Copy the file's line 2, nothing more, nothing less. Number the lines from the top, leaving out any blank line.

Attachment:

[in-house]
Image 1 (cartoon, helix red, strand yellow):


Image 1 (cartoon, helix red, strand yellow):